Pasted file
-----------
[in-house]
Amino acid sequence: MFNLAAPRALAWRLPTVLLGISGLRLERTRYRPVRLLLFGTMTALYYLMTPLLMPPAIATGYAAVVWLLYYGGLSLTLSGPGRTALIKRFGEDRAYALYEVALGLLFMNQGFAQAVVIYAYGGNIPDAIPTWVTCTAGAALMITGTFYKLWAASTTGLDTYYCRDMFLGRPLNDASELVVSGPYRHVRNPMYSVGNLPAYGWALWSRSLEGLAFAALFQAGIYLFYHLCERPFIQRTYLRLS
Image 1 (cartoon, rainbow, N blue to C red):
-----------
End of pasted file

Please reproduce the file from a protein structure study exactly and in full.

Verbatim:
[in-house]
Amino acid sequence: MFNLAAPRALAWRLPTVLLGISGLRLERTRYRPVRLLLFGTMTALYYLMTPLLMPPAIATGYAAVVWLLYYGGLSLTLSGPGRTALIKRFGEDRAYALYEVALGLLFMNQGFAQAVVIYAYGGNIPDAIPTWVTCTAGAALMITGTFYKLWAASTTGLDTYYCRDMFLGRPLNDASELVVSGPYRHVRNPMYSVGNLPAYGWALWSRSLEGLAFAALFQAGIYLFYHLCERPFIQRTYLRLS
Image 1 (cartoon, rainbow, N blue to C red):